past almost 10 years, pretty much.

Nate Smoyer (02:25.582)
Now, you're the founder and CEO of this tech platform and we're gonna get into that a little bit, but your personal career and history is real estate, proper. What's the transition been like to go from agent broker to try and lead tech platform to solve agent broker challenges?

Vijay Gopalswamy (02:49.343)
Absolutely. So I kind of started in a corporate job before this, but I've been realistic for about 15 years. Kind of started as a hobby agent, kind of become a part -time agent, kind of become a part -time agent with the team. And then I could make corporate job, dove into this full -time. And then a little bit later COVID hit. And then it took a little bit of a pause and I did some mortgages in the meantime. But, and then I was trying to scale after COVID.

Nate Smoyer (03:03.534)
Mm -hmm.

Vijay Gopalswamy (03:18.879)
The real estate was kind of up in high gear. So when I started to scale, that's when I hit a problem. I could not scale because I was into the details and weeds of transactions. I was not able to manage my client relationships, the communication with my clients, what my team is doing, all that, especially in a virtual environment where my team was all working from home. I didn't have a tool to communicate with them, organize with them. And then I started looking for a tool like that.

And I couldn't find a lot of tools in this space specifically for this purpose. And that's how I accidentally became a founder of this company.

Nate Smoyer (03:57.07)
You're like, I just wanted to solve a little problem and then dove into kind of untangling some twine here into a much larger problem. I can say, you know, per first hand perspective, having both, I would say flawlessly executed deals, but also absolutely just stumbled my way through it. Even with, you know, transaction coordinators or some sort of supporting team.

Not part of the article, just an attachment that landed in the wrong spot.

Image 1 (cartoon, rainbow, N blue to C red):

there's just so many moving pieces to a deal that can kill it at any time. And I mean, I even remember my very first deal, which I still don't understand how I was given the listing. And then it's, you know, we had an offer first day on market and here we're about to close. And I get a, I get the settlement statement from the closing company. And I read the statement, which apparently was

unusual because the title company told me they're like, no one ever reads that thing. Well, we, they were charged, they were double charging us one of the concessions. and, so thankful that I was a new agent with only one deal. I had time to read that because there's just so many things that can fall through the cracks. So this really seems like, the plenty of agents have a need for this. So maybe we can get real practical here with this VJ and maybe you can go into.

Vijay Gopalswamy (05:09.983)
Yeah. Yeah.

Nate Smoyer (05:26.798)
talking through some of the capabilities of the feature sets and how they align to the problems that you're trying to solve for.

Vijay Gopalswamy (05:35.615)
Absolutely. So a little bit about the landscape. When I started coming across this problem, I looked at all the tools available in the market. And if you, I'm sure you know this, there's a lot of tools, CRMs, marketing, lead gen tools with AI and audio dialers and video dialers, all kinds of capabilities. There's a lot of customized tool for real estate industry in that space. That is to bring in clients to into their business for an agent, right?

Nate Smoyer (05:58.766)